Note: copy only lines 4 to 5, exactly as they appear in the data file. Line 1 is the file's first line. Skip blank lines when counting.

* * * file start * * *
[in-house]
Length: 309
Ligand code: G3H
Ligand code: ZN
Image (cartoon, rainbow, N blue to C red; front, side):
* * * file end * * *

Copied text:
Ligand code: ZN
Image (cartoon, rainbow, N blue to C red; front, side):